The Drive to Keep Growing Emotionally
We know well enough that we are equipped with an innate drive for physical growth; that the human animal is geared to keep developing towards its outward mature form, adding muscle and bone and fatty tissue, in a spontaneous process of development that begins in our earliest days in the womb and ends around our sixteenth year.
What is less obvious is that we are marked by an equally innate, equally powerful, although here life-long, drive towards emotional growth. Without anything mystical being meant by this, unless we are impeded by internal or external obstacles, we are set on an ineluctable path towards emotional development.
An obvious conceptual difference between the two drives is that we can know easily enough what it means to be fully grown physically, but it is rather harder to pin down what equivalent emotional maturity might look like.
We can hazard a twofold answer. Our emotional drive is made up of two strands: the first is a will towards ever greater and deeper connection; the second comprises a will towards ever greater and deeper self-expression.
To consider connection first, we are marked by an intense wish to move away from loneliness, shame and isolation and to find opportunities for understanding, sincerity and communion. We long to share with friends, lovers and new acquaintances an authentic picture of what it means to be us – and at the same time to enter imaginatively into their feelings and experiences. What we call ‘love’ is merely a subsection of the drive to connect, which extends across a range of activities and types of relationship, stretching to encompass the body and our desire for physical intimacy, touch and sexual play. We can count ourselves as emotionally healthy in large measure according to what degree of connection we have in our lives.
By the drive to self-expression, we mean the desire to fathom, bring into focus and externalise our ideas and creative and intellectual capacities – a drive that manifests itself particularly around our work and our aesthetic activities. We seek to gain an ever greater understanding of the contents of our minds, especially of our values, our pleasures and our way of seeing the world, and to be able to give these a kind of expression that makes them public, comprehensible and beneficial to others. We will feel we have had a rich life whenever we have been able to give a voice and shape to some of the many perceptions that course through us – and, in some way, however modestly, left a fruitful imprint on the world.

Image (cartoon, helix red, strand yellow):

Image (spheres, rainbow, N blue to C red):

These two aspects of the drive for emotional growth help us to get a handle on our most acute moments of unhappiness. It’s because of the primordial importance of the drive to connect that it hurts so much when a friendship is broken off, when an established relationship starts to lack physical contact or when we can’t find anyone we see eye to eye with in a new city. And it is because of how powerful the drive to self-expression is that we suffer so much when our studies fail to engage our minds, when a job ceases to reflect our interests or when, on a Sunday evening, we feel in a confused way that our talents are going to waste – just as the same drive can explain the intensity of the envy we feel when we hear of a friend’s success in an area we aspire to.
Calling this aspect of human nature a drive, and equating it with that towards physical maturity, emphasises its essentially non-negotiable nature and hence its power over us. It is as misguided, painful and nonsensical to try to stop someone growing emotionally as it is to bind their feet. The drive takes precedence over all manner of more convenient options: the longing for respectability, money or stability. It won’t leave us alone until it has been heard. It might make us leave a marriage that would – from many perspectives – have been so much easier to remain in or to throw in a job that was hugely convenient financially in order to take up another that more properly answers the call of our deep selves.
If the drive to emotional growth continues to be unattended, and perhaps even unknown to us, it can short circuit our whole lives in a bid to be heard. Fed up with waiting, it may simply throw us into a paralysing depression or lock us into a state of overwhelming anxiety. By breaking us in these ways, the frustrated, stymied drive is trying to be interpreted and accommodated. What it lacks in eloquence and focus, it makes up for in persistence and strength. A breakdown is a roundabout attempt to create opportunities for a breakthrough, that is, a new stage of emotional growth.
By understanding more clearly how basic and important the drive to emotional growth can be, we may come to better recognise the symptoms of its frustrations and the logic of our longings. And, at points when we upset the otherwise steady course of our lives in its name, we can be readier to explain to ourselves and those who care for us what might be behind our puzzling behaviour: we have not forever lost our minds, we recognise the role of respectability and status, we would love to be less difficult and demanding. It’s just that we have to honour another, even more vital side to our nature: we are under an inner imperative to continue on our path towards emotional growth.